February 14, 2008,
J. asks from Provo, UT on February 12, 2008
Advice: Punishment That Fits the Crime?
My oldest son will be 16 in May. Just this year he has realized that no one can MAKE HIM do anything. My husband and I keep to punishments that fit, if he doesn’t do what he should than there are natural consequences. He doesn't do his laundry, he doesn't have clean cloths, he doesn't do his chores he doesn't get money, his grades are not good he doesn’t get “screen time” etc. But recently he is skipping class. So a natural consequence, if you don't get an education than you labor in work. So I sent him off to a laboring job with his dad for ever one class missed. He is not getting money for this, he will have to make up for the school work missed and make up the “unexcused” absence. Is this to much? I know the laws of children required to attend school but if the #)$(*#$ is not going than why not be proactive in showing him what direction he is taking his life?
So What Happened?™
So I want to give an update because I myself am shocked by how well this worked :) It has been nearly one month and he has not missed one class. He has also nearly done all the make up from missing the classes (just 3 more to go). He has had to pay for the make up classes (11 that is a lot of money). I think the reason it worked is I really wasn't bluffing though after I though about it more (not to his knoledge) I realized what the possible negitive out come could be. He chose the possitive and that I am very proud of. I aprecate the comments that everyone gave. Many of them I took and plan to use later on. We have two more to get through the teen years and every good word helps....man does it help to know your not the only one and what a wealth of help you all are to me.
M.C. answers from Albany on February 14, 2008
too many responses to read, but I think that you are on the right track. I wonder if volunteering in a shelter or other down and out place may make an impact also. Good luck.
L.V. answers from Salt Lake City on February 13, 2008
Wow Bravo! I hope that when my children get to be teenagers I can stick to my guns like that. I say keep up the good work there aren't enough parents out there that actually parent their teenagers. They are to afraid they will offend them and not be their friend anymore.
Way to go!
M.B. answers from Denver on February 13, 2008
I think this is a great idea!!! My parents would ground me form things that had nothing to do with what i did so I just got mad. I am totally aginst home schooling but if he keeps skipping class you could home school him so there would be no ditching. Then you could make him have a job on top of that. At 16 there is no need for allowance he needs to get his own job.
J.S. answers from Salt Lake City on February 12, 2008
Good for you, Isn't it fun to deal with kids who realize you really cant MAKE them do anything? They can even go to school, but you cant make them pay attention. The nice thing is you can tell him what YOU are and are not willing to do. He cant Make you do anything either.
You sound a lot like me. I make my son do his own laundry, buy his own school clothes, pay his own way for fun events (movies, bowling) I also make him pay for poor decisions (not brushing his teeth, putting a hole in the wall) So yes, finding appropriated consequences is important to me too.
I think the consequence you picked is very appropriate, I'm a love and logic mom, so I believe in giving lots of empathy first, followed by a consequence (or delayed consequence) "Aww sweetie, thats a bummer you skipped school, we're going to miss you this summer while your working and we go on vacation" I love that I don’t have to tell my son what he should or should have learned, or what he did wrong, he's smart, I let him figure it out. I get to be the good guy and just love him. I think as long as parents dont add insult to injury and don’t try to make the kid bleed. My son does not like to let me know that a consequence hurts him, he gets an attitude "I don’t care" I think many parents want to see there kids feel remorseful, but I dont worry about that, I dont want my friends making me feel bad for my poor decisions, so I just say "Good, then we're both happy" give him a pat on the back, then say "Good Job" along the way and when he's done.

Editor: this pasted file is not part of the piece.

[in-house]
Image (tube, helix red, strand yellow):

The truth is, he wont be a failure for the rest of his life if he doesnt graduate, I know thats a hard thing to watch a child do. But it is his natural consequence if he has to go to night school and get a GED or Diploma after graduation. There are many people who make it quite well with delayed education. Heck, I'm 36 and finally going to college. And my decision to not go to college out of high school really doesnt affect my parents unless they decide to own my actions and decisions.
You can always tell him "I'll love you no matter how many years it takes you to graduate" just to ensure that his motivation to skip school isn't because he knows it hurts you. Some kids do that, they like to hurt them selves because they believe it hurts there parents more. When the focus is taken off of the parent’s reaction, it goes onto them selves.
Anyway, I'm babbling, but I just wanted to say I think what your doing is awesome. He'll be fine (I believe)
I'm the type of mom where I'd also charge for gas to drive him to work, have him make up for the time I take out of my daily routine to drive him somewhere. I told our niece that when she came and lived with us, she was doing community service at the high school and decided to tell the janitor to F* off, and quit, she told me the story, I wowed her story, then in the middle of her laughing about it, she says "So can you take me around town so I can get another job?" I said "Sure! I'd be happy to, I do homework after work, dinner at 5, clean up dinner, do my chores, figure my bills, take the kid to practice at 7, (mapped out my day) then I said "So anything you can think of doing to free up my time, then I can take you. OH and I'll only charge you 2 dollars for a day for gas to run you around" All the sudden her decision to flip the janitor off and tell him off wasnt such a good decision anymore, she realized that it wasnt my problem to fix, but I wasnt the B*tch in the situation either, I was the good guy willing to help, and I really was willing to help, just not willing to do it for her, I dont believe in treating kids like an honered guest.